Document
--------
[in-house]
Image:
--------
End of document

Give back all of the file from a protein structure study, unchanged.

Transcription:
[in-house]
Image: